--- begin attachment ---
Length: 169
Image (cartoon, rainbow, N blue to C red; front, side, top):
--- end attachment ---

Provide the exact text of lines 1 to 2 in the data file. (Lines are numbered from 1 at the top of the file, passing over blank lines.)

Length: 169
Image (cartoon, rainbow, N blue to C red; front, side, top):